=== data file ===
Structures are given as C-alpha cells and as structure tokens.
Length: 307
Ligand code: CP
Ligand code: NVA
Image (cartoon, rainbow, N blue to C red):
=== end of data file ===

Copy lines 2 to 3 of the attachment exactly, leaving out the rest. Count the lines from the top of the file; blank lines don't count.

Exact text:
Length: 307
Ligand code: CP